“It is one thing not to agree with the information put forth, quite another to cast aspersions on one’s abilities,” statistician Cordell Riley said in response to comments made by Finance Minister Bob Richards.
Earlier this week Profiles in Bermuda, which is run by Mr Riley, released a report which said that the Bermuda economy could shed as many as 2,400 jobs in 2013 — or 6.8% of the workforce — if current job trends continue.
The newspaper reported that the Finance Minister said Mr Riley’s prediction has no credibility in his view, and quoted him as saying: “There’s no analysis. It’s just looking at a chart and extrapolating a chart that’s going down. Statisticians don’t run Governments, economists do.”
In response to Minister Richards comments, Mr Riley said: “I was quite surprised and disappointed by what can only be described, in the Premier’s words, as ‘school yard’ antics by the Minister of Finance. It is one thing not to agree with the information put forth, quite another to cast aspersions on one’s abilities.
“Last February, in testing out a new business venture, a newsletter was sent to 40 select local and international business men and women. The lead story was about jobs. In the story, I had indicated that ‘By the end of 2012, if current trends continue, jobs could have fallen a further 3.5% to 36,750, the lowest level since 1998.”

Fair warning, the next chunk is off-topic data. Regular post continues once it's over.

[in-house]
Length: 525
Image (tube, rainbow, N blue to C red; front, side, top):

“You will note that jobs for 2012 were worst than predicted falling to 35,443. Likewise for the International Companies sector, the article stated that, ‘Projections are that jobs in the International Sector could fall below 4,000 by the end of 2012, giving rise to an employment growth capacity warning, a preparation warning, and a structural warning.” Jobs in this sector fell to 3,867, just as predicted.
“I should point out that the purpose of statistical modeling is not always to be proven accurate – one of the main functions is to pick up the underlying trend. This we have done successfully for the past two decades – without fail. And the reason we use forecasting techniques is for the same reason the Minister complains about – a lack of up-to-date data.
“In North America, Europe and other places, organisations such as the Conference Board carry out a similar role and the business community usually welcomes such information. We shall continue to provide such information as a public service.
“And considering the feedback we have received this far, there are those in public who indeed welcome this information. I wish to point out to the Minister that statistical modeling techniques, if done correctly, are not a respecter of person or government,” concluded Mr Riley.
We asked Minister Richards for his comments on Mr Riley’s statement, and will update as able.